Tenacity more help than warranty


October 30, 2007|By DAN THANH DANG

Marquette Brand's tenacity came in handy when she tried to get computer maker Gateway Inc. to fix her broken laptop under warranty. Almost every other response she got was "No."

Where most people would have given up or coughed up any amount of money just to be rid of the problem, Brand demanded fairness.

"I just didn't like the way I was treated as a customer," Brand said. "I know I didn't buy a million dollars' worth of computers from them, but that doesn't mean I don't deserve to be treated with respect."

Anyone who has wrestled with warranty issues knows it can feel like a journey through the nine circles of hell. Theoretically, warranties are supposed to repair, replace or remedy a service or product that's not functioning properly. Consumers often believe, or are led to believe, that warranties will cover any damage.

Read most warranties and you'll see that's far from true. In almost all cases, warranties stipulate that companies will not cover damage caused by misuse, accidents, fire, theft, normal wear and tear, or acts of God.

In other words, as Eric Arnum explained to Sun intern Sara Murray, almost all damage will likely be viewed as your fault.

"The burden of proof is on the consumer," said Arnum, editor of Warranty Week, a newsletter for warranty management professionals. "Unless the consumer can prove it's a common problem, their claims will be denied 9 out of 10 times."

Proving that, unfortunately, requires a level of expertise in physics, mechanics, or some other gobbledygook specialty that most consumers don't possess. That near impossibility of proof renders most warranties useless.

That didn't stop Brand, though.

On Aug. 22, the 37-year-old Randallstown law student opened up her almost new laptop and screamed. Like a spreading ink blot, a crack snaked its way across the liquid crystal display screen, Brand said.

Brand called Gateway support right away. A customer service rep assured her that the one-year warranty would cover the defect. The next day, a box arrived at her home to ship back the computer, which Brand had purchased in February for $577.49.

It was too good to be true.

When Brand shipped the laptop back in early October - she held onto the computer to complete work for her law classes - Gateway sent her a letter asking for additional information.

"I called in and spoke to a corporate manager who said the first guy was wrong and that the written warranty doesn't cover a cracked LCD screen," Brand said. "I read the warranty. I told him there was nothing in the warranty that said a cracked screen wasn't covered. I asked to speak to someone above him. He told me there was no one above him.

Brand said she responded, "Unless you're the CEO, there's somebody above you.'"

But she also realized she was fighting a losing battle. She ended the call and then called the customer service line again. This time, she said she found a slightly more helpful rep who transferred her to yet one more rep who spoke to her rudely.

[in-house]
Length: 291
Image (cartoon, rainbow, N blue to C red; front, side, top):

"He said, `Anyone with common sense would know that a cracked screen is not covered. Any misuse or abuse is not covered,'" Brand said. "I told him, "I didn't misuse or abuse it. That's tantamount to you calling me a liar.'"

Keeping her cool, Brand said she called the service line again until she reached someone helpful. Finally, Customer Service Rep Casey listened to her story, apologized to Brand and then had a technician examine the laptop again.

"She said he couldn't determine what caused the crack, whether it was abuse, misuse or defective material," Brand said. "So she proposed a solution. She said, `If you pay $225, I'll pay the rest.' I agreed to that on Oct. 12. I gave her a credit-card number. On Monday, Oct. 15, FedEx brought the laptop to my home."

Brand was relieved but decided to write Gateway chief executive Ed Coleman to share her experience.

"It took me five or six calls before I finally reached someone who finally listened to me and helped me," Brand said. "I give them credit for the one person who listened, but it doesn't discount the other people who treated me badly. I wanted him to know what was going on at his company beneath him."

Gateway spokesman David Hallisey said that Brand's experience "is not normal procedure," and that, "Our goal is to resolve things immediately."

That being said, Hallisey also said, "Unless the screen is damaged during shipping, I can't think of any instances where a customer has proved or could prove that the screen cracked on its own."

Since Brand used the laptop problem-free for almost seven months, she had little chance of convincing anyone at Gateway that the crack was not her fault - even if it wasn't.

"Gateway ended up paying for half of the repairs in the interest of customer satisfaction," Hallisey said.

What's the take-away here?

If you really believe you're not at fault, keep calling until you reach someone who is willing to listen. Don't harass and do be polite as you explain your position again and again and again.

If your warranty problem still isn't resolved, take it to the top. Again, like Brand, write to the CEO. An executive team at most companies deals specifically with complaints that reach the chief's desk.

If you're offered a reasonable resolution, react reasonably. Realize that many companies hear excuses day in and day out why damage isn't a customer's fault. Should the company refund all or part of your money, race to the bank with their check. Brand was smart to accept the 50-50 split on fixing her laptop screen.

Finally, and most importantly, never make the mistake of relying on a warranty to cover your assets.

Reach Consuming Interests by e-mail at consuminginterests@baltsun .com or by phone at 410-332-6151. Find an archive of Consuming Interest columns at baltimoresun.com/consuming.

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